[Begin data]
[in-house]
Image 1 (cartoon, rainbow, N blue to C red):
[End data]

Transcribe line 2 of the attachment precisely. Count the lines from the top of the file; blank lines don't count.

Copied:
Image 1 (cartoon, rainbow, N blue to C red):